Then came the dreaded maths…

taking levels from the padstones

We needed to work out the releative levels of all of the stones against a set datum point. This is how we work out how long to cut each of the legs of the frame. A dumpy level and measuring staff along with much head scratching and note taking gave us the numbers we needed to take over to the framing bed…

Next came the timber framing (more on that soon)… Which I am pleased to say we have just finished, so we are all go for the frame raise next thursday. Wish us luck!

back to the frames

 

I have got a little bit behind with news on our Orchard House project lately. Mostly because we have been so busy building the timber frames for it. I will try to set that right over the next week or so. First though I just wanted to let everyone know that, providing we manage to actually get all of the framing work done in time (all fingers and toes crossed!) we have a date for the frame raise. It is going to be on 11th September, and if you are in the neighbourhood and in interested is seeing the frame being raised into position visitors will be welcome to watch the process for themselves from our orchard.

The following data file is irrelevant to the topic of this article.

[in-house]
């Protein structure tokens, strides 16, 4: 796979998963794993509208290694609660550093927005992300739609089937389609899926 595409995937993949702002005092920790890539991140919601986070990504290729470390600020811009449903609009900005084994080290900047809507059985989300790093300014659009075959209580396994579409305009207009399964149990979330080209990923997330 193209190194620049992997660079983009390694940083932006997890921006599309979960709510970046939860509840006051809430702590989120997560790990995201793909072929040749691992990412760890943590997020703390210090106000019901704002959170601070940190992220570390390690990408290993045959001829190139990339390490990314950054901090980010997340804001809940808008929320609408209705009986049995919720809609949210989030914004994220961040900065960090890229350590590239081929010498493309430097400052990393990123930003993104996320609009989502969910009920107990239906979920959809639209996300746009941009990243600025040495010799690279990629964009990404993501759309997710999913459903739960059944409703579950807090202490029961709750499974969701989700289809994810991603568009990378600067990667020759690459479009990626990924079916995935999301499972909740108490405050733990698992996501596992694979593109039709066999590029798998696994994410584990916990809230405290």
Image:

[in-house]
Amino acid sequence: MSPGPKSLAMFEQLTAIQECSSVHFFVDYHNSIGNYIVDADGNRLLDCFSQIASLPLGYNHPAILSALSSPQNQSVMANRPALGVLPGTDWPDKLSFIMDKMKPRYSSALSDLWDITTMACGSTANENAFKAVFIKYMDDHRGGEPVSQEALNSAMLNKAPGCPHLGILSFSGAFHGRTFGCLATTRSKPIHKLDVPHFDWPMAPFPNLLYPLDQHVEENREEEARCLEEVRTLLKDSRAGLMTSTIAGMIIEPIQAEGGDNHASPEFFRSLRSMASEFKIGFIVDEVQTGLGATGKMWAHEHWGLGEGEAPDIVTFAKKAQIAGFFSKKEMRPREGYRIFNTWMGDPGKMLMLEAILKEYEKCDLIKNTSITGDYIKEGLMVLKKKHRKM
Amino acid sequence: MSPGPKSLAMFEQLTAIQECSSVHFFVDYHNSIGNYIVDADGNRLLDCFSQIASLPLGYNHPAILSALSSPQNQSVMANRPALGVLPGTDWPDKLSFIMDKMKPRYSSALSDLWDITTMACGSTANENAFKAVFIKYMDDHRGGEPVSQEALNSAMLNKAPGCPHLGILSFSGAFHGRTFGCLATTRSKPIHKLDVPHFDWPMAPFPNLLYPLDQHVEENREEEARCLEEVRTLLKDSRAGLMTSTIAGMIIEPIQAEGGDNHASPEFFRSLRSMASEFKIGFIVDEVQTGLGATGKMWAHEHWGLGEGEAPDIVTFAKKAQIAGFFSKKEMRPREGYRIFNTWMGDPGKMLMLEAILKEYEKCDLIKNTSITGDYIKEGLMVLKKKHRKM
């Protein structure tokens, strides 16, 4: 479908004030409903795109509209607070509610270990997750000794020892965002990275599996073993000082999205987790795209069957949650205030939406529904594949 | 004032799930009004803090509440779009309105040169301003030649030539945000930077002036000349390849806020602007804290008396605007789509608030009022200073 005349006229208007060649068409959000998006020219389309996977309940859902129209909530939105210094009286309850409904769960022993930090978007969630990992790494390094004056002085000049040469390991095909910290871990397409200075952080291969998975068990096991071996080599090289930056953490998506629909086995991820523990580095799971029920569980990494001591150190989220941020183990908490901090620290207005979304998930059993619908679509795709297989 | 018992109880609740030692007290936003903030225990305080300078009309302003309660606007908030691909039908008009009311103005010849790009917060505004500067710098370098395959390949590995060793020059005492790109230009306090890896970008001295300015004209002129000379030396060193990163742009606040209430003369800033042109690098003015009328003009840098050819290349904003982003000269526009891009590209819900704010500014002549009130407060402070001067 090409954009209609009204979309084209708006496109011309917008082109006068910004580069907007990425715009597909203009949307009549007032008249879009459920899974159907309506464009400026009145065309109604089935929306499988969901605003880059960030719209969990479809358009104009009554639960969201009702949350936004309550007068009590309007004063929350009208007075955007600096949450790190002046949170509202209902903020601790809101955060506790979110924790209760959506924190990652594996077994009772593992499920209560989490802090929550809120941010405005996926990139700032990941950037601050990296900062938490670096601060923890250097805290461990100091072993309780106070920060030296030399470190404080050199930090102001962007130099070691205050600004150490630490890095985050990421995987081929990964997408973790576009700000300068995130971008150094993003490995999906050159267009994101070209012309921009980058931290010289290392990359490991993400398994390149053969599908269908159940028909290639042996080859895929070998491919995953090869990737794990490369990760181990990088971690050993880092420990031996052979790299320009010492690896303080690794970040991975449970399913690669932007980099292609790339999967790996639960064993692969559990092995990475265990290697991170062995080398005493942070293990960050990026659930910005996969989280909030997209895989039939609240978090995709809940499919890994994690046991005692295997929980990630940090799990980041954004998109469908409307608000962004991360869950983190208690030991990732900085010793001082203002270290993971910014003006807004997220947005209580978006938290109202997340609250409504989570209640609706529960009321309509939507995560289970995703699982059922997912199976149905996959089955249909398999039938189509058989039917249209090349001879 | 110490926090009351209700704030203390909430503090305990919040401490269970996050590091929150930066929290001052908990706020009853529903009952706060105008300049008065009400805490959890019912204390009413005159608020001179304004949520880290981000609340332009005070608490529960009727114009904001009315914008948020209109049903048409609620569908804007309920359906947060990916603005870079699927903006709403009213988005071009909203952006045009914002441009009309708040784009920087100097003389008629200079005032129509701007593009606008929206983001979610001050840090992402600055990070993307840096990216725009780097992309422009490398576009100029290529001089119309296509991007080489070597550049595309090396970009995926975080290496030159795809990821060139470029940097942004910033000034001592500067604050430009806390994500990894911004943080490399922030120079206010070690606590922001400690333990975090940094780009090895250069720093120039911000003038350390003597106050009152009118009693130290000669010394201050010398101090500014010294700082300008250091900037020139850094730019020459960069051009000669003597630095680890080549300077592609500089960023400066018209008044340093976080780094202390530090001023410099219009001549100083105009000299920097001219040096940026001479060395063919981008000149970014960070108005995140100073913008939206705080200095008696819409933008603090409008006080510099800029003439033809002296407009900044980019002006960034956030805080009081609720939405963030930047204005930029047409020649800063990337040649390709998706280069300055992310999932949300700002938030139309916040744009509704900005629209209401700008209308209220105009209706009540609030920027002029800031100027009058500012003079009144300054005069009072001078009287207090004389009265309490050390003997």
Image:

I will never forget watching the frame for our last building going up. It was such a privilige to see frames made of timber from our woods, put together by local craftsmen and people we knew being raised upright to form the skeleton of a wonderful building.

Speckled Wood frame raise

Before we could start putting together the frames for the Orchard House though we needed to build a framing bed. Its a bit like a map of the building combined with a giant work bench all in one. We built it on larch posts which were levelled accurately to provide a solid and stable base.

Supports for frame bed

On top of the posts went beams made of Western Red Cedar from a nearby NT woodland.

Top on frame bed